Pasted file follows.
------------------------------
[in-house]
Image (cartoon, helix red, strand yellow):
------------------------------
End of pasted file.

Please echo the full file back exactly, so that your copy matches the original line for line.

[in-house]
Image (cartoon, helix red, strand yellow):